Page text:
I have odd qualifications, so it’s fun to find someone who doesn’t do the head tilt and nod in an understanding way, while looking for means of escape 🙂

      Take care,
      CG

    • CG & Michael,

      I always get asked who the vice-president is… like I got hit on the head or something? So, I make sure I always know who the VP is… at all times! Cuz the first time, I was kind of dumbfounded by the question and for the life of me I couldn’t remember Al Gore… until like a million seconds later. Been labeled crazy ever since! Stupid questions.

      I completely agree we dance delicately to get just the right amount of help…and not too much “help.”

      @Michael, I am most definitely in CG’s arboretum now. Plan to be hiding there for some time. Twitter is a scary odd scary place! *wanders off looking for the ducks*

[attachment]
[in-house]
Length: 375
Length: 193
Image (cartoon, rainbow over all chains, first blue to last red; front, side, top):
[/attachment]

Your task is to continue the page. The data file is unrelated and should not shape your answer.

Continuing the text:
Take care CG,
      rl

  10. Have you ever tried Wellbutrin CG? I’m just thinking out loud sort of. Sorry, I have a hard time not throwing out suggestions on meds since I’ve taken so many. I’ll try to control myself lol.

    • Hi tb,

      I have been tried on all of the major, and not so major drug groups. Each of them came with an amazing assortment of side effects 🙂 After one made me lose two months, I called an end to the experimentation on my brain… the side effects weren’t worth the potential gains, and the psychiatrist I was seeing agreed with me.

      Thanks anyway 🙂
      CG

  11. RL,

    I just see you answering the assessor’s question with a question of your own: “What is this … social studies?” 🙂

    Glad you’re safe in CG’s arboretum, now. Rest up and regain your strength, before you go back out again with the *really* crazy people! (less-than-tolerant twitterites)

    Best,
    Michael (thanks again, CG!)